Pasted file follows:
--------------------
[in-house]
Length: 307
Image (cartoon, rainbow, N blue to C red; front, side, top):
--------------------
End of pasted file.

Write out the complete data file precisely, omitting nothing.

[in-house]
Length: 307
Image (cartoon, rainbow, N blue to C red; front, side, top):